The Tigers are probably in store for a similar fate. It may seem like a reach now, given his consistent excellence and generally consistent health (he did battle a groin injury during the 2013 playoffs that ultimately required surgery), but something will happen to Cabrera, just like something happened to Howard, because they’re both human beings in addition to baseball players, and this is the kind of stuff that happens as people age.
Well, we can now scratch the “durable” tag off Cabrera’s résumé: Miggy is recovering from October ankle surgery and may not be ready for Opening Day. He’s also coming off a season in which he posted his lowest home run total since his rookie season; his lowest walk rate and batting average in six years; and his worst overall season by park- and league-adjusted offense in five years (per wRC+).
Even with all those black marks, Cabrera was still the 10th-best hitter in the majors in 2014, but he’ll turn 32 just after Opening Day, and the Tigers are now bound to him through his 40th birthday.6
Cabrera isn’t in the bottom 10 here because a team with vast resources like the Dodgers would still trade for him in a heartbeat if he became available, knowing he remains a force at the plate even if he’s down a tick from his peak. But there’s a good chance this contract will become downright terrifying in a few years, particularly since it doesn’t actually begin until 2016. Father Time will forever remain undefeated.
The 10 Worst Contracts
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(Last year’s ranking appears in parentheses.)
10. SP Justin Verlander, Detroit Tigers: five years, $140 million (not ranked)7
The Tigers are in full “NOTHING TO SEE HERE, MOVE ALONG” mode with Verlander, chalking up the worst season (by Baseball-Reference’s WAR) of their longtime ace’s career to his January 2014 abdominal surgery. Dave Dombrowski apparently believes the righty has been Hot Tub Time Machine’d back to 2012. “Justin Verlander is as prime a pitcher as there is in the game of baseball,” Detroit’s GM recently told a reporter, presumably as a smirking Rob Corddry looked on.
Unfortunately for the Tigers, the numbers don’t support Dombrowski’s claim, with Verlander’s velocity dipping well before his 2014 surgery.
(Velocity data courtesy of Brooks Baseball.)
That’s … not encouraging. While 2014 marked a big step down, the subtle signs of skills erosion were visible in 2013, too, with Verlander posting his worst ERA and defense-independent results in half a decade.
On the one hand, if Verlander can bounce back from his ugly 2014 effort — when his strikeout rate plunged to 17.8 percent8 from 23.5 percent the previous year — and return to his prior form, he will still be one of the better starting pitchers in the league, even if he’s not quite the Cy Young– and MVP-winning Verlander of old.
On the other hand, injuries and decline aren’t anomalous for pitchers who’ve logged as many innings over as many years as Verlander has. With overpaid, aging stars, baseball’s worst farm system, and an octogenarian owner who desperately wants a ring and doesn’t give a damn about mortgaging the future to try to get one, the Tigers could be a couple of years away from becoming the new Phillies.
9. OF Andre Ethier, Los Angeles Dodgers: three years, $56 million (dishonorable mention)9
Ethier was a good hitter when the Dodgers dropped a five-year contract into his lap in June 2012, but he wasn’t particularly good at anything else, making the extension a puzzler at the time, and a decision that has looked worse with each passing day. Because this is the Dodgers and not the Royals or Rays, this contract hasn’t crippled the team’s finances. But the problem is that even big-revenue, well-run clubs feel compelled to play the guy with the big contract, and even those clubs can become reluctant to spend more money to find someone better.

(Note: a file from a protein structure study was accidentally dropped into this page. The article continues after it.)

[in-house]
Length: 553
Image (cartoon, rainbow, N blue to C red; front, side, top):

Luckily for the Dodgers, Yasiel Puig turned into a star and Joc Pederson matured into an exciting prospect who could open some eyes if he wins the starting center-field job this spring as expected. So instead of being a total anchor, Ethier will merely wind up being a fourth outfielder making $18 million a year and offering zero trade value.
8. OF Josh Hamilton, Los Angeles Angels: three years, $83 million (6)
Hamilton typifies the kind of player on this list: a former superstar who got paid an unholy amount of money and is now declining in his thirties. He turns 34 in May, he’s coming off a season in which he missed 73 games, and suddenly he may not be ready for Opening Day after February 4 surgery on the AC joint in his right shoulder. His free-swinging approach combined with his increasingly slow reaction time and teams’ decreasing willingness to throw him the pitches he likes means it could get worse from here.
Optimists can hang their hats on two factors: (1) Hamilton cranked 43 homers as recently as 2012, so the power’s not gone, and (2) the Angels have to pay him for only three more years, so if his once off-the-charts talent fails to consistently return, at least he won’t clog the payroll for nearly as long as the other Angel in this bottom 10.
7. 1B Ryan Howard, Philadelphia Phillies: two years, $60 million (3)10
Howard is the original cautionary tale against extending star players two years before free agency, and his contract has been a source of near-universal mockery since the day it was announced. Putting the 35-year-old former MVP up for sale is the right move for the Phillies, but it’s doubtful any team would want Howard, even if the Phils paid the bulk of his freight. At this point in his career, even calling Howard a platoon DH is probably pushing it: His numbers over the last three years look startlingly similar to Luke Scott’s, and Scott had to go to Korea to find a job.11
6. 1B Albert Pujols, Los Angeles Angels: seven years, $189 million (2)12
It’s worth debating whether there’s more value in a player like Howard, who has pretty much zero meaningful impact at this stage of his career but will only haunt Phillies accountants for two more seasons, or a player like Pujols, who still contributes but is nowhere near the talent he used to be and is on the books for seven more seasons. Let’s hear what a couple of high-ranking baseball ops folks think: